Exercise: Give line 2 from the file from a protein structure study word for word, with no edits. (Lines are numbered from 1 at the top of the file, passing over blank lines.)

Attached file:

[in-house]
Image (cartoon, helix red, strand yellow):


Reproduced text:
Image (cartoon, helix red, strand yellow):